GCHQ created an application to help its internal hackers more easily track a select group of security professionals and hackers on Twitter in order to better inform its own security analysts, according to new documents leaked by US National Security Agency (NSA) whistleblower Edward Snowden.
The aim was to provide a feed of distilled security information from the best-informed online sources, with staff also invited to propose their own suggestions. The feed was made available direct to GCHQ hackers’ computer desktops and was intended to provide more information so that they did not need to read up on them at home or out of hours.
“Analysts are potentially missing out on valuable open source information relating to cyber defence because of an inability to easily keep up to date with specific blogs and Twitter sources. Accessing these resources involves using specific JEDI terminals, or reading up at home,” according to the leaked document.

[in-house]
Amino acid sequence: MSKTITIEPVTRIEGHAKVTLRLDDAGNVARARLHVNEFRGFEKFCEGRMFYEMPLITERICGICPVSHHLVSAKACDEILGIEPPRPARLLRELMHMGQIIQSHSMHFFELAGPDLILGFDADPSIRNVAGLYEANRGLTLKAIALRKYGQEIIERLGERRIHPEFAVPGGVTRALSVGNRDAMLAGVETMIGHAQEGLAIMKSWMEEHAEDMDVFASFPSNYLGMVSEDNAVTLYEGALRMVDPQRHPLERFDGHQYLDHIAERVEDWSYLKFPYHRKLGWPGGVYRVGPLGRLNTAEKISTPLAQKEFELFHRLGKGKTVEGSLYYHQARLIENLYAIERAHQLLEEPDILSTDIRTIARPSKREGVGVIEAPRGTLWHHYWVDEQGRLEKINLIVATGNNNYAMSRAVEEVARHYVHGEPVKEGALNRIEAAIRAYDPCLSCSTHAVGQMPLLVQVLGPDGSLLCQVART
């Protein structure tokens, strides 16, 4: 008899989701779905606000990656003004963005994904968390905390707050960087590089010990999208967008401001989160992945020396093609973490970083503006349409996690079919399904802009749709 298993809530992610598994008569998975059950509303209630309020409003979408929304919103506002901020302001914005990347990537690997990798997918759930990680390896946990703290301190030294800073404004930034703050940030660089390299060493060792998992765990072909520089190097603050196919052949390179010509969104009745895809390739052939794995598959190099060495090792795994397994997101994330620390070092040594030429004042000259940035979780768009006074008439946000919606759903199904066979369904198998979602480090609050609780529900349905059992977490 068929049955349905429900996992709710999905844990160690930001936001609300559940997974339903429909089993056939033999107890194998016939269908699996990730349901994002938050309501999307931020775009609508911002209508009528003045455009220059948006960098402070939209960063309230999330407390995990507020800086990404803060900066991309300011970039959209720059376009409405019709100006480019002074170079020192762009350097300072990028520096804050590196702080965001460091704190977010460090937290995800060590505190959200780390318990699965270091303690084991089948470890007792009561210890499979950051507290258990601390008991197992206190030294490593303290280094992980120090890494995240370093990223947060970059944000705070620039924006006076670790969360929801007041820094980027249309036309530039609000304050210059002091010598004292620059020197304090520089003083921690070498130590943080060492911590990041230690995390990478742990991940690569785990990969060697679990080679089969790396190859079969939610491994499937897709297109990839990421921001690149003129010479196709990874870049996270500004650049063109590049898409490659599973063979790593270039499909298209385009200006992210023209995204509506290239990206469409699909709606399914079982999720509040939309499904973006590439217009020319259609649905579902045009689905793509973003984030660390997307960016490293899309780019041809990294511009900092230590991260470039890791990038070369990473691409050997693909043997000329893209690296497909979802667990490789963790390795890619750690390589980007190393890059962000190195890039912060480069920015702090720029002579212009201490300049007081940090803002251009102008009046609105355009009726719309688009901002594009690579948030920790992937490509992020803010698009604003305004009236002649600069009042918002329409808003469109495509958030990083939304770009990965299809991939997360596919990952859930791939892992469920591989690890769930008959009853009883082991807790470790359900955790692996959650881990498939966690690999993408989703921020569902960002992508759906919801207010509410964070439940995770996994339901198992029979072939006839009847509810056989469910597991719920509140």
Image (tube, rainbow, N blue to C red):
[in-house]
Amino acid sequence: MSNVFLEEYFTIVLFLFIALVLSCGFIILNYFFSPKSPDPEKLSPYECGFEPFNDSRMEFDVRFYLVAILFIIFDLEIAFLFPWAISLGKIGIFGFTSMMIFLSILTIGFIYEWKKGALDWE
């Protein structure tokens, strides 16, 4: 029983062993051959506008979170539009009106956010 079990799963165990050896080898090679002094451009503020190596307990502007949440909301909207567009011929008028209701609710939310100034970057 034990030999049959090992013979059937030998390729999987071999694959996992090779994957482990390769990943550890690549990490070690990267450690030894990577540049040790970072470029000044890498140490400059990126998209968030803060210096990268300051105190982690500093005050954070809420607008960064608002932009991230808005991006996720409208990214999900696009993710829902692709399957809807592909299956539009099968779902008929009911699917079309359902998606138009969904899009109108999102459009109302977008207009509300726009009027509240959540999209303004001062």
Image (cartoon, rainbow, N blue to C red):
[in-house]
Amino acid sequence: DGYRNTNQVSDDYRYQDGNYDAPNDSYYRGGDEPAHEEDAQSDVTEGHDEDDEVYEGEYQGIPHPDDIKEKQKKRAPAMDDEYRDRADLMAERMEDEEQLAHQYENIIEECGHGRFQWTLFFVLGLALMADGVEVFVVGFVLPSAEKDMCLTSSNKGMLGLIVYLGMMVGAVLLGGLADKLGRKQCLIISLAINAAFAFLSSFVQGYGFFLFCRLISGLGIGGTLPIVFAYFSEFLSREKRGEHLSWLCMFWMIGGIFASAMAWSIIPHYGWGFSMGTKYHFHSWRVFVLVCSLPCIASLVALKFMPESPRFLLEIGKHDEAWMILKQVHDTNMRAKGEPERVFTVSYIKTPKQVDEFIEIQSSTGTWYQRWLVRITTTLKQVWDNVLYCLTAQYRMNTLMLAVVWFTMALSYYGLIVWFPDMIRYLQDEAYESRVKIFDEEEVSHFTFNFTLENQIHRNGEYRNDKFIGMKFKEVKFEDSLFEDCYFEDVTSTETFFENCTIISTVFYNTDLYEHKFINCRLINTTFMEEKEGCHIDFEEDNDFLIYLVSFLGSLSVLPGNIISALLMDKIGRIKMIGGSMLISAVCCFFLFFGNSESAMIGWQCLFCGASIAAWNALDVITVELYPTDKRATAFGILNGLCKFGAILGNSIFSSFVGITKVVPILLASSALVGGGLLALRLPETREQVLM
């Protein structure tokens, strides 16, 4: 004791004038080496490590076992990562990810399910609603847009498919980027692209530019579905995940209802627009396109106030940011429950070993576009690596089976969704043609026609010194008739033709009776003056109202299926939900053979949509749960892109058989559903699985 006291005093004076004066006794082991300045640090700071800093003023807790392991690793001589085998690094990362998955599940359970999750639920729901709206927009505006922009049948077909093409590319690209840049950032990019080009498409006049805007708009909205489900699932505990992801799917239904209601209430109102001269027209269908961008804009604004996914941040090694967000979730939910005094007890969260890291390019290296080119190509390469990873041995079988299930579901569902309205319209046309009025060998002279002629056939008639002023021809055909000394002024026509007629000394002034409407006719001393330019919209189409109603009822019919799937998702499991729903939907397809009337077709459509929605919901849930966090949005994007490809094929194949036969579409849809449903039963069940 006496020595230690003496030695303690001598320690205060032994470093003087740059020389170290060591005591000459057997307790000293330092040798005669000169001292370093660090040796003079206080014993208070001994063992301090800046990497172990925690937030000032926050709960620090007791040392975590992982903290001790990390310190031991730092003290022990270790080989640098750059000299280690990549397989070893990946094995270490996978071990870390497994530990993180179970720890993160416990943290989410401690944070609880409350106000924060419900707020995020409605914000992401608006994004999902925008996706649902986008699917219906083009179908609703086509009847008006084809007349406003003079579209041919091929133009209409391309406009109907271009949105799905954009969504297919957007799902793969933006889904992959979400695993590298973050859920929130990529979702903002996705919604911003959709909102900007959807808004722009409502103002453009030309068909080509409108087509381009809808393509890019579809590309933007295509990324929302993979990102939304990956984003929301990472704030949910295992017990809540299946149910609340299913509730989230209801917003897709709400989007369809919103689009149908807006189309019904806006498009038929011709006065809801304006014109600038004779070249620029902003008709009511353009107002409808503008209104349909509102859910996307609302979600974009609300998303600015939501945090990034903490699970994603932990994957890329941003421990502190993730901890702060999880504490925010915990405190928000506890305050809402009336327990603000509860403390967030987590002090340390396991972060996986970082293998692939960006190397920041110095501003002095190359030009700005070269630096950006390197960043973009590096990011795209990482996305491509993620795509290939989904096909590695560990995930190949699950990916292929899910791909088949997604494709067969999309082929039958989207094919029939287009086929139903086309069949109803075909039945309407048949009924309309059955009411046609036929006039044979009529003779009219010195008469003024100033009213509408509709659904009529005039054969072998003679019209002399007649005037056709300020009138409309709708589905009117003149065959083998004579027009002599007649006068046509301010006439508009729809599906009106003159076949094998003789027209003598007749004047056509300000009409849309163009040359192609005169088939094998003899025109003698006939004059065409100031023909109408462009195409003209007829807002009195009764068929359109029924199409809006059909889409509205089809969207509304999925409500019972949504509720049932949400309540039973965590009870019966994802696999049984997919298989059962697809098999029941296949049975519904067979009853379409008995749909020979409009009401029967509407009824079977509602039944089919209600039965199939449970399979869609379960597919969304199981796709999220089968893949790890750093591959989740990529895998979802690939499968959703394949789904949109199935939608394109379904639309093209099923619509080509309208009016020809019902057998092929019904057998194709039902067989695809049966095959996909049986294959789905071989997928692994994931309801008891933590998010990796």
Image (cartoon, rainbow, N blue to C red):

It continued: “Analysts don’t have the time to spend hours and hours reading through loads of blogs. In addition, we don’t want this repository to be yet another tool that analysts have to access – this information needs to be incorporated into existing workflows.
Under the code-name “Lovely Horse”, GCHQ built a tool for dredging the Twitter feeds and blogs of the most pertinent hackers and security specialists in order to deliver their information direct to GCHQ’s hackers’ own desktops. The organisation built the tool around the “Birdstrike” infrastructure, which GCHQ built in order to track online information.
Hackers and security specialists “followed” by GCHQ on Twitter included Kevin Mitnick, Lulzsec, F-Secure’s Mikko Hyppönen, The Grugq and Vupen. Blogs followed include xs-sniper.com, Secureworks, Offensive Computing, Mandiant and Securityvulns.com.
The tool, according to reports, was based on software from data analytics company Palantir.